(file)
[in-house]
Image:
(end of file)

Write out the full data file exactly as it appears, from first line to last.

[in-house]
Image: